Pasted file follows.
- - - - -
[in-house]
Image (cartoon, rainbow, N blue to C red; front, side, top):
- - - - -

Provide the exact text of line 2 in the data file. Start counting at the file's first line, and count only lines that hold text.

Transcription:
Image (cartoon, rainbow, N blue to C red; front, side, top):